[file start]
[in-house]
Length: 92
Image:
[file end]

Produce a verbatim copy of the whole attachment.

[in-house]
Length: 92
Image: